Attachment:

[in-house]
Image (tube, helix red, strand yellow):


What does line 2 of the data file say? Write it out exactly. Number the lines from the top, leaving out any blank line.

Image (tube, helix red, strand yellow):